18 April 2014

The importance of balance in the practice of arnis, escrima and kali

Balance is a crucial component in the practice of the Filipino martial arts (FMA). Arnis, escrima and kali, favoring gross motor skills (simple movements) over fine motor skills (complex movements) have a different requirement concerning balance compared to other Asian martial arts. This is evident in the fact that unlike many of its counterparts, the FMA rarely employ movements requiring backward bending of the spine or single-leg stances.

Before we proceed any further, it is good to establish the definition of balance. Balance for the purpose of this discussion simply means the ability to move in any direction with equilibrium even in the presence of factors promoting imbalance. 

The first thing to consider in the development of balance is the awareness of the body’s center of gravity (COG). While in a stationary position, the COG of the human anatomy is located approximately in the anterior to the second sacral vertebra.

It’s presumed that both feet are planted on the ground in the practice of arnis, escrima and kali. Unlike in other Asian martial arts, the stability desired in FMA is dynamic not static. The goal is to maintain stability while attacking or defending. To quote Dan Inosanto: “The main concern of martial arts is supporting the movement that runs vaguely parallel to the floor. Any upward motion is supported against the floor and downward motion uses gravity as a support. If one or both feet are off the ground, momentum is the mainstay (The Filipino Martial Arts Know Now, 1980).”

There are three elements that can be adjusted accordingly to attain this objective. The first one is the base of support, which in the case of an arnisador are his feet. By broadening the base of support (accomplished by widening the stance by increasing the distance between the two feet), one increases stability. A wider stance of course would mean slower mobility while a narrower stance would mean faster mobility but lesser stability.

The second one is aligning the body’s line of gravity to the center of the base. To visualize this, imagine a straight line running through your body from the top of your head to your groin. Aligning this line of gravity to the center of the base can be accomplished through postural adjustment like straightening the back or keeping the head upright. The last element is the lowering of one’s center of gravity to increase stability. This is basically an instinctive movement for whenever a person felt that his balance is being disturbed; he instinctively bends his knees to lower his center of gravity. But just like in the second element, a lower stance slows down mobility.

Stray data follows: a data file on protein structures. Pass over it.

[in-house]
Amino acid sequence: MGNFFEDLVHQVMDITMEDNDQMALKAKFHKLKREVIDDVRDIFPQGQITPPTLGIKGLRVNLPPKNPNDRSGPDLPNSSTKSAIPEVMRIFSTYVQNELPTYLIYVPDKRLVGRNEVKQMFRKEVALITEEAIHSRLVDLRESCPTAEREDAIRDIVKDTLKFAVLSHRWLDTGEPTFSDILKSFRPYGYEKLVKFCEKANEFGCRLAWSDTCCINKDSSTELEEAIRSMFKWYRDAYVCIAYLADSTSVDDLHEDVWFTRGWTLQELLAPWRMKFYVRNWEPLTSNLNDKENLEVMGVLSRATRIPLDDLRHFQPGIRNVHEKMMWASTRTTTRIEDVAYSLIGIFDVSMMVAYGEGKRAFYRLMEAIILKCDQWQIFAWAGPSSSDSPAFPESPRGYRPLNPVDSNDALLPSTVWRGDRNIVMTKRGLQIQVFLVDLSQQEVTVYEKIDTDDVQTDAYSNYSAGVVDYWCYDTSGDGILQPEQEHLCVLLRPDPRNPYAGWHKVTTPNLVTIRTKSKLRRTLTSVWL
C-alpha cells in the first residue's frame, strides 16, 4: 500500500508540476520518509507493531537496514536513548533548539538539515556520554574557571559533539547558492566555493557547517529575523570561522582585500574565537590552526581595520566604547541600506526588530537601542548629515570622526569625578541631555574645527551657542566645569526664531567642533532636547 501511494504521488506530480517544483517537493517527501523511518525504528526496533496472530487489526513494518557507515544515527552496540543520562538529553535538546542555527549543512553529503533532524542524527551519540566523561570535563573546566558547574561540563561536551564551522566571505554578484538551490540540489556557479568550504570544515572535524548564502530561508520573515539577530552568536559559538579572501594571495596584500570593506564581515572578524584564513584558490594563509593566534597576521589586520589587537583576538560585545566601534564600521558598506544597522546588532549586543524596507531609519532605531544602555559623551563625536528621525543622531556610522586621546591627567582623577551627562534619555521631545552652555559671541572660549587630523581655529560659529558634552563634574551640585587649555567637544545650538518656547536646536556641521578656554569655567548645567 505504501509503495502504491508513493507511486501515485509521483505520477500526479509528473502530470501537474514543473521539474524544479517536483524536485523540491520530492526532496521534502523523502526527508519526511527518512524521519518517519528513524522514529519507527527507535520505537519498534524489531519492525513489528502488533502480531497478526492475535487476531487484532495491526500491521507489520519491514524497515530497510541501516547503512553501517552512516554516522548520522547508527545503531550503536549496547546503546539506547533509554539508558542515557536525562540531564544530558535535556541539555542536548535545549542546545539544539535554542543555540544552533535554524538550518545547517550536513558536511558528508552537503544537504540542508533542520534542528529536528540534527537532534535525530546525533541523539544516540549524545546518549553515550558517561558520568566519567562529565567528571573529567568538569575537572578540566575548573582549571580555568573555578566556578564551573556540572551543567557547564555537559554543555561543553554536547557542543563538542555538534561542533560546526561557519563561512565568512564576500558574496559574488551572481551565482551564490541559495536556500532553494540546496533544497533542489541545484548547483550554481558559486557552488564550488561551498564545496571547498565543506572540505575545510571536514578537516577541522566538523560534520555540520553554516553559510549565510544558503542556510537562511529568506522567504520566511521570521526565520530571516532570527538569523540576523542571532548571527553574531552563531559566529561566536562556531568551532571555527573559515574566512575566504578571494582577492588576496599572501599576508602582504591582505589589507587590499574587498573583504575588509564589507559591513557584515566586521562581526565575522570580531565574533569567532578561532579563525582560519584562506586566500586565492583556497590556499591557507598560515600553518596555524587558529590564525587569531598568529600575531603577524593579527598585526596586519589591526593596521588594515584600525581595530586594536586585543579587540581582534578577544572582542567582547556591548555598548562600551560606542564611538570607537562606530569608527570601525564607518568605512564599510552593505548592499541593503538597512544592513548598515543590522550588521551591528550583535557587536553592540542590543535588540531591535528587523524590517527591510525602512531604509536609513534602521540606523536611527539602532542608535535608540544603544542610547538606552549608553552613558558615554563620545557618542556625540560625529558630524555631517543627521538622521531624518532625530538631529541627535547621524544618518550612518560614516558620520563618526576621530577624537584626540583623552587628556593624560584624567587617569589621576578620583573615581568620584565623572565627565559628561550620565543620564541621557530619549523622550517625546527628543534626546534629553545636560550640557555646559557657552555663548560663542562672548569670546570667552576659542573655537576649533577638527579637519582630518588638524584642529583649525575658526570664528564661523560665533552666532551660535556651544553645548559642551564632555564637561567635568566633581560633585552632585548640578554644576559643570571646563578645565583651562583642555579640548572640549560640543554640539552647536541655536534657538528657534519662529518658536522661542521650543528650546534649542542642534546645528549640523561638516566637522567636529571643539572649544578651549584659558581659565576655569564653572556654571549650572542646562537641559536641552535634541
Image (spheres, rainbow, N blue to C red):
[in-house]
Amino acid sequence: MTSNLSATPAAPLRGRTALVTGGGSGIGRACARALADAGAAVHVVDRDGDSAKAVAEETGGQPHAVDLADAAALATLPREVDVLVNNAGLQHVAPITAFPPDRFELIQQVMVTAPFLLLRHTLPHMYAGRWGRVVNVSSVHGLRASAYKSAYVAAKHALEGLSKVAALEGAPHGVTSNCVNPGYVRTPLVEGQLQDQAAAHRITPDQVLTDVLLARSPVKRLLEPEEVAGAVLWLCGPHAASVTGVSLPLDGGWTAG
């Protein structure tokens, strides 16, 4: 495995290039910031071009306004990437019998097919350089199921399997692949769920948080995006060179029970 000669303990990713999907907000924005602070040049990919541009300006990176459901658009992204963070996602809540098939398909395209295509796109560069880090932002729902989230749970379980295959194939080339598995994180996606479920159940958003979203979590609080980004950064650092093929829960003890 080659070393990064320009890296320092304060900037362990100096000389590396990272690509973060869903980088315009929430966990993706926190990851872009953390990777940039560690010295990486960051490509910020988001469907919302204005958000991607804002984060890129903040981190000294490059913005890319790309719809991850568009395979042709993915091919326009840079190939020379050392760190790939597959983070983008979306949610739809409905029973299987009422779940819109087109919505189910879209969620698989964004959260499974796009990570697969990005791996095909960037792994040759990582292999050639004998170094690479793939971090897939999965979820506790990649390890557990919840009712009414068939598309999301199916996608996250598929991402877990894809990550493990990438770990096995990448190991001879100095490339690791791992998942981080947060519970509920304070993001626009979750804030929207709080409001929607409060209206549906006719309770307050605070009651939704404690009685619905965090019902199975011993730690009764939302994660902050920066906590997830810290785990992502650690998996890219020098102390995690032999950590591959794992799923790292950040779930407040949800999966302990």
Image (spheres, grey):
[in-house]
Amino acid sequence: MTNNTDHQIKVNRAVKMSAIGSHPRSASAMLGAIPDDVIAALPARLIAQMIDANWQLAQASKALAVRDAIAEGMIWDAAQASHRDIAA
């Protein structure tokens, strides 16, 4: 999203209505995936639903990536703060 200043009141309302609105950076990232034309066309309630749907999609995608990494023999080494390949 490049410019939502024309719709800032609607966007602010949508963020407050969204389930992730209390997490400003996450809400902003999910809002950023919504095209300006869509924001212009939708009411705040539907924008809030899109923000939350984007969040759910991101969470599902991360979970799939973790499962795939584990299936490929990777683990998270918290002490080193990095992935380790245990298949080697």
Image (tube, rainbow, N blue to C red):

There’s yet another component that affects stability and that is the fighter’s size. A big stick fighter has greater stability because of his big mass compared to a smaller stick fighter with a small mass.

The goal of understanding the principles of balance and stability is for a fighter to fortify his own base and to know how to destroy that of his opponent’s. 

Students of Dan Inosanto practicing weapons sparring on a bench (from Jeet Kune Do: The Art and Philosophy of Bruce Lee, Know Now 1976).

Destroying your opponent’s balance and making him fall to the ground carries a number of advantages. Throwing your foe into the ground could result to multiple injuries (particularly head trauma) that could greatly reduce his ability to fight.

Disrupting your foe’s balance is not that hard if you understand structure in relation to balance and stability. The idea is not to go mass against mass particularly if you’re facing a bigger opponent but to exploit leverage points. Walking for instance is controlled falling. In this act, balance is attained while in motion by the rhythmic shifting of one’s weight between the left and right foot. But disrupt that rhythm by say, whacking one of the feet before it hits the ground, and the person tumbles easily.

Most people would prefer fighting standing up meaning their COG is resting on both legs. By destroying either of the two legs, which are his foundations, or disrupting the alignment of his COG and his base (his feet); you’ve just ruined your foe’s balance. 

Besides visual calculation, we maintain balance through a fluid located in the inner ear. This fluid with the aid of responsive hair cells detects and moves around according to gravitational pull. Thus, striking your opponent’s ears with your palms is a very effective way of destroying his sense of balance.

As mentioned earlier, the desired balance in arnis, escrima and kali is dynamic not static. This attribute can only be honed by practicing “live” alone and with a partner on varying types of terrain. One traditional FMA method of developing balance is to practice footwork on half coconut shells (bao in Tagalog). This sharpens balance because the body learns to achieve correct structure and equilibrium on an uneven and unstable base. The ability to achieve optimum balance is also connected to the practitioner’s level of kinesthetic sensitivity, strength and fitness and his ability to relax. 

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